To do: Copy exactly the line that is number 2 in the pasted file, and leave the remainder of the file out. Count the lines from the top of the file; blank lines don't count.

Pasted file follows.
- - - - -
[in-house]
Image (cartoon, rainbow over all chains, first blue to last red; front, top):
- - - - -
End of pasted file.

Image (cartoon, rainbow over all chains, first blue to last red; front, top):